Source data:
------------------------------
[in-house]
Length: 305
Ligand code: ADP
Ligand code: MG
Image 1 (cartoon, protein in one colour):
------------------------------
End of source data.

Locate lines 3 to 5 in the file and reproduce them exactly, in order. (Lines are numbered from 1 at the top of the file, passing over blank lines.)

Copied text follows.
Ligand code: ADP
Ligand code: MG
Image 1 (cartoon, protein in one colour):